winter bass are nearly impossible to catch also keeps anglers off
the water. Read on as Bassmaster Elite Series pros dispel five
common misconceptions about winter bass fishing.
Myth 1: You must fish deep to
catch winter bass.
Photo: Thomas Allen
Bass and baitfish are lethargic in winter’s
cold water, but that doesn’t mean you always
have to fish deep, points out Elite Series pro
Chris Zaldain of Nevada.
“Depending on the lake, there are still fish
to be caught in 10 feet of water or less,”
Zaldain says. “When I look shallow for bass in
wintertime, I key on a hard rock or gravel
bottom in little armpits off the main lake
where the bass have deep-water access near
the main channel.”
The “armpits” Zaldain refers to are shallow
feeding pockets typically found on the sides of
main-lake points. He prioritizes pockets that
have stained water.
“The sediments in stained water catch the
sun’s rays and warm the water,” Zaldain says.
“The sun also warms the hard bottom in the
shallows. That provides comfort for the bass.”
The bass are often more active on sunny
afternoons when a light wind blows into the
pocket, Zaldain adds. Another favorable situation is when a strong wind creates a mudline
along the bank that provides ambush cover
for the bass. Zaldain improves his odds by
retrieving his baits parallel to the outside
edge of the mudline.
A 5/8-ounce Megabass Ito Shiner jerkbait in
the GG Illusion Tennessee shad color is a big
hitter for Zaldain during the winter months.
This large, tall-profile jerkbait has a single,
thudding knocker. Zaldain thinks it sounds
like an individual baitfish, whereas a highpitch rattle sounds more like schooling
“Winter bass are sluggish,” Zaldain says.
“They don’t want to chase smaller bait around
all day. They want a big, slow-moving meal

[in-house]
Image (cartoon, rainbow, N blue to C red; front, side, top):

that’s easy to catch.”
Zaldain’s basic wintertime retrieve is a slow
jerk-pause ... jerk-jerk-pause ... jerk-pause
cadence. Each pause must last four to six
seconds so the bass have time to respond to
the bait.
January/February 2019 BASSMASTER
| 37
Photo: Chris Mitchell
Elite Series pro Brian Snowden, a California transplant to Missouri, guides on Table Rock Lake after
the tournament season ends in autumn. When cold
winter weather puts an end to his guide trips, he
takes this opportunity to cast for recreation.
“I catch a lot of bass then way back up in the
major feeder creeks and tributaries,” Snowden says.
“I’ve been doing this for 15 or 20 years. A local older
fisherman put me onto it.”
By “way back up,”
Snowden means navigating
his bass boat upstream to
where the lake narrows to the
actual creek or river channel.
Snowden says he can cast
from one bank to the other. In
warmer seasons, the bass in
the creeks relate to flats,
snags and laydowns, he says.
In winter, the bass group up
in deep holes on steep banks.
“The water in those places
may be only 8 to 12 feet deep,
but that’s the deepest water
available to the bass,”
Snowden says.
Because the water in the
creeks is usually clear and typically 37 to 40 degrees
in the winter, Snowden coaxes bites by slowly fishing Ned rigs and shaky heads.
“I cast straight to the rocky wall and hop my bait